Yesterday saw the baptism of four children at an 11.30am service. This was three families-worth and our tiny church was packed.
For about nine months now, we have implemented the deanery policy and required all families to come to church at least three times before the baptism. This enables us to get to know them (and makes the baptismal preparation visit so much easier) and more importantly, them to know us, to understand where we are coming from and to get an insight into the faith which underpins what is for many just a social occasion.
This has really started to bear fruit, and God can clearly be seen behind this. These kinds of baptisms are always a challenge because most are unchurched, and so I take great pains to explain all of the symbols behind baptism as I go through.
At STE we now use all five symbols of baptism:
• The oil of baptism
• The water of baptism
• The oil of chrism
• The robing in a white cloth
• The candle of baptism
This gives us a richness within which to explore the wonders of salvation. I don’t think you can overdo the symbolism of something so special as bapstism. Here is a transformative event, here was the spark of my own faith journey, when I stood and made the promises on behalf of my own child and thought
“blimey, I believe in this! I suppose I’d better do something about it then.”
…and look where God’s sense of humour has led us to now. Baptism is a hugely missionary activity because you are doing something in front of a largely mystified and unbaptised group of people. It is therefore our role not merely to do it for them, but to use it as a tool to explain why, to explore what for, to engage, to enthuse, to sell, if that’s not too strong a word to use.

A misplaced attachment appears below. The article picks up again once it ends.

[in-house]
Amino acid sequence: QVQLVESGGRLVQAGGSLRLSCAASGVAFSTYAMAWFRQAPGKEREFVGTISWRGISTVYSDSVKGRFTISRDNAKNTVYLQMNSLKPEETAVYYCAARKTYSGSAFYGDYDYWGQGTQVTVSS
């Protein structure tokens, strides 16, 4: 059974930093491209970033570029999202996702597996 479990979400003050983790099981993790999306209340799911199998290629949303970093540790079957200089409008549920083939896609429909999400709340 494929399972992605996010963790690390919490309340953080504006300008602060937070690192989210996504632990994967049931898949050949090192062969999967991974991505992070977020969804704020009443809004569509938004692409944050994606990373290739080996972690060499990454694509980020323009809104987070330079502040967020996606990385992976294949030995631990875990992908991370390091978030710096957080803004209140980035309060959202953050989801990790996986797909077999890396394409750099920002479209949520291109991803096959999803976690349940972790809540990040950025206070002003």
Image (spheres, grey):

A couple of older people said “I don’t remember all these oils and things” which reminded me of how bland the BCP and ASB Baptism services are, how small-minded as only the Anglicans can do. In the words of the prophet Martin Smith: “God is bigger than / the air I breathe”. Breathe in your symbols and exhale the breath of God.
Afterwards, the church looked like an explosion in a paper factory: screwed up gift aid envelopes (why DO people do that?), which despite pointing out the back of the baptism service book which speaks of Gift Aid and mentioning it while the photographs were taken there is still a large number of people who refuse to have anything to do with the damn envelope. There were also service sheets just dumped (and who did they think was going to clean the place up – ME of course) – it’s like the tip of the cinema when you leave – all popcorn and discarded mass leaflets) and our new “Welcome Pamphlet”. Cleaning up took half and hour. What a waste.
At least they responded to the teaching of the baptism.
That afternoon we went off to Burgess Hill for the n:vision event “Adore” which saw 1200 young people come to worship with Matt Redman. We did the AV again, and Liam ran the Easyworship for most of the gig. Ed did the primary video mixing and I called the shots and covered for the both of them. We were a team, and Liam was just fantastic – I am so proud of him.
Matt Redman was excellent – fired up and passionate with a tight band. The RC Bishop of Arundel, and the Anglican Bishops of Horsham and Lewes (Suffragans in Chichester and both deeply committed to youth minstry) all came on stage and prayed for us at the start.
The preacher, Stef Liston, however, was awful. He was a pastor in Peckham and he spoke so fast that you couldn’t hear ore than a word in five. When I could hear him, it was tripe. He spoke about being a creationist which set my fundamentalist alarm bells ringing – if you are literal on that one how likely are you to apply a critical hermeneutic to the rest of Scripture – bad news. Even Liam turned to me at one point in is 35 minute rant and said “he needs to get the log out of his own eye first” – which was a pretty cool comment from a 13 year old I thought.
They called for Ministry Time at the end, but then went straight on with the gig, unlike last year with the Brazillians which although freeky was at least deeply spiritual. They should have more emotion in these events (which is why Matt Redman was so good, so passionate) rather than trying to preach the Gospel with more words than emotion. It simply does not work. I don’t know how that bit worked out, but it needed to be a bit more carefully planned and employed.
Overall a good gig, and how else can you see Matt Redman for only a fiver?